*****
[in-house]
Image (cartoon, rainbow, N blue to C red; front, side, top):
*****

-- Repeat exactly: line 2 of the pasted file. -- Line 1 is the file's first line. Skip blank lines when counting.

Image (cartoon, rainbow, N blue to C red; front, side, top):